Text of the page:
A Step Backward for Italy’s Meritocracy
In 2012, I posted in Science.org my thoughts on the state of meritocracy in Italy, on the allocation of taxpayers' money for research, on the need to adopt rules strictly based on merit and quality for the allocation of research funds, and on the need to invest much more in research and development. According to a report by the Organisation for Economic Co-operation and Development (OECD), around 1.4 million young Italians left the country between 1995 and 2010. Not much has changed since then. The latest available data are from 2020 and they are dramatic: 120,000 young Italians have left the country. And the reasons are always the same: no confidence in the recognition of their own merits and the impossibility of finding employment without a recommendation. Whereas often to find employment abroad it is enough to send an e-mail and be invited for an interview. And each of our graduates through public education has cost Italy around 500,000 euro and 0 euro to the country that values their skills. It should not be difficult to change direction just by reading these figures.
SCIENCE - 4 May 2012 - www.science.org
ITALIAN SCIENTISTS HAVE LONG LAMENTED THE lack of resources, political attention, and meritocracy in assigning taxpayers’ money.
In 2007, things began to change. The 2007 and 2008 national budget laws allocated €81 million (US$107 million) to projects submitted by researchers under 40 years old. They were judged by an international committee of scientists under age 40 that was appointed according to impact factor and citation index scores. Even though this fund accounted for only 10% of the entire public research money, it was a crucial turning point toward meritocracy. Finally, the international rules of peer review were entering the Italian system, acknowledging meritocracy and setting researchers free from the virtual servitude under which they had been kept by old academicians.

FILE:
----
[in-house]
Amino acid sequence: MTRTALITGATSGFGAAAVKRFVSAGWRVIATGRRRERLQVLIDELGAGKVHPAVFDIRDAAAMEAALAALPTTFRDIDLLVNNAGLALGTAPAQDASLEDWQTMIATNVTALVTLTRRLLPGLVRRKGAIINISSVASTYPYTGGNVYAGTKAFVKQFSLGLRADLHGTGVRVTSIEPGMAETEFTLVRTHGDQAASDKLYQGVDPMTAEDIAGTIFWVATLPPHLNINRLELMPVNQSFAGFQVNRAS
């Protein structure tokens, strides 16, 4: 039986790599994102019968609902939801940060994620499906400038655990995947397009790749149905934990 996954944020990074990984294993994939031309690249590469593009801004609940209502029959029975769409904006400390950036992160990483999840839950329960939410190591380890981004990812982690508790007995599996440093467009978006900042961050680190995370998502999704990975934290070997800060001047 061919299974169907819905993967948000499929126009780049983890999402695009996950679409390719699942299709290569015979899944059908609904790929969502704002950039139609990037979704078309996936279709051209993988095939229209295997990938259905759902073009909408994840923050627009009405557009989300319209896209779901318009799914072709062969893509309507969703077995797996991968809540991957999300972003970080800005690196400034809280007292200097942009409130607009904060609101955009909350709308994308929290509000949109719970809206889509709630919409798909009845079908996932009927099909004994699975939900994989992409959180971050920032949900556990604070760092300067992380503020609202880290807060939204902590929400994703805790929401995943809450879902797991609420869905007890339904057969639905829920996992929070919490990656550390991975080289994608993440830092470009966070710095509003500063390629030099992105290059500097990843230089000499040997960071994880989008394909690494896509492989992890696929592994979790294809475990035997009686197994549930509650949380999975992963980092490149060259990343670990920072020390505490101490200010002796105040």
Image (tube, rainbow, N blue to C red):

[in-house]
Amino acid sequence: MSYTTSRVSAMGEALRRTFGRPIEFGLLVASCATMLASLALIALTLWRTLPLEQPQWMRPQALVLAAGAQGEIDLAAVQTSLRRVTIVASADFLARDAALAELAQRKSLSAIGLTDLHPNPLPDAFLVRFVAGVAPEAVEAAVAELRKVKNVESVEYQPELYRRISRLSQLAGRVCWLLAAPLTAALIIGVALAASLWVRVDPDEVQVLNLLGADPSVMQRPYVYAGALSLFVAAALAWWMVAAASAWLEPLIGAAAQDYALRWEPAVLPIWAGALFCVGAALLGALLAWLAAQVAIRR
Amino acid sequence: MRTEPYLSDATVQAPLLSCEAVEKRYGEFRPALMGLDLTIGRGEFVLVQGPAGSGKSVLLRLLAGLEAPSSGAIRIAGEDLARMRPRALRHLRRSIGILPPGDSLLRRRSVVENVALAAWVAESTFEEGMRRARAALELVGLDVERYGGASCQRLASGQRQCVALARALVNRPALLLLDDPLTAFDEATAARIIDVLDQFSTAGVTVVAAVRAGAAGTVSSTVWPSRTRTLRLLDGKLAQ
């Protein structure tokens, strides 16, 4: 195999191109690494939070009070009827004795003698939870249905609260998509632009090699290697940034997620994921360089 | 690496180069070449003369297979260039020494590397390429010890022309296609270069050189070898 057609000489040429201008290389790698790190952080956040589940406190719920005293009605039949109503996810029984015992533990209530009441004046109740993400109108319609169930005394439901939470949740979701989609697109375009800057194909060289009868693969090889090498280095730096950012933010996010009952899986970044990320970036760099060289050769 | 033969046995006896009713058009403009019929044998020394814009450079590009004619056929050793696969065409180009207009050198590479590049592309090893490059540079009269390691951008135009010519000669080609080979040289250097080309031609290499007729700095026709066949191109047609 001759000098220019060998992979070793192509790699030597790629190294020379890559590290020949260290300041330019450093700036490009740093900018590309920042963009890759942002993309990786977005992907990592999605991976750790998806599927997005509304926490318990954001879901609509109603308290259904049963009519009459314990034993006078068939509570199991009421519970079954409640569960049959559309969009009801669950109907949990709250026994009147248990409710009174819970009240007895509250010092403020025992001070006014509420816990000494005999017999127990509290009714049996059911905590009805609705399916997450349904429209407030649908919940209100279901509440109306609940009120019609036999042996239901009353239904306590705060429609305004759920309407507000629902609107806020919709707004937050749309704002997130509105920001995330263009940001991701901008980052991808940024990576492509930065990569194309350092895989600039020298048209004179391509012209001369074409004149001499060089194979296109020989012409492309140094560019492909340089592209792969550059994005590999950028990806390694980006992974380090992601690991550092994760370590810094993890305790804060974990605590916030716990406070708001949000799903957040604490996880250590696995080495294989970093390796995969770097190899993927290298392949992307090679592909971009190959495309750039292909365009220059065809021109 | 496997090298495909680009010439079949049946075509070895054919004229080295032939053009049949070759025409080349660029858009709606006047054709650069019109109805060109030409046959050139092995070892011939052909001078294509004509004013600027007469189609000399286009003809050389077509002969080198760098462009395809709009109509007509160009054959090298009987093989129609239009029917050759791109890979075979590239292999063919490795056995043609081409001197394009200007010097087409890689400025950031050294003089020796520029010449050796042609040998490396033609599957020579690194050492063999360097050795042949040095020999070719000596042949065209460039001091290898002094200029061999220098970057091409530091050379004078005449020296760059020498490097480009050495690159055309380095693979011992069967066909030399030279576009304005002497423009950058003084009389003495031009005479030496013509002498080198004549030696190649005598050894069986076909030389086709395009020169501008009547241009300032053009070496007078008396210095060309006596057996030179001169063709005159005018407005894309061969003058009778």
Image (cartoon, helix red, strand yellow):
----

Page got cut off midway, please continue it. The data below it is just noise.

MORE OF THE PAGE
Recently, inexplicably, Italy has fallen back to the old way of allocating taxpayers’ research money and has done so in spite of government promises of open competition and meritocracy. The so-called “Simplifi cation Decree” includes anti-crisis measures suggested by several departments, including the one led by the Minister of Education, University, and Research: Francesco Profumo. He has canceled the articles of the laws that brought peer review to Italy, explaining that the method introduced in 2007 was too cumbersome to apply. Minister Profumo now promises a new, simpler law, but for the time being, young researchers applying for grants in Italy will have to rely on the old questionable, nontransparent evaluation method that rewards clients of godfathers, rather than merit.
It is not only money for valuable researchers that will be lacking from now on, but hope for their future and for that of the country. The only way out is to adopt strict peer-review rules for the allocation of all research funds, at all times.
Department of Surgery, Jefferson Medical College, Philadelphia, PA 19107, USA, and Senate of the Republic of Italy, Piazza Madama snc, 00186 Rome, Italy. E-mail: ignazio. firstname.lastname@example.org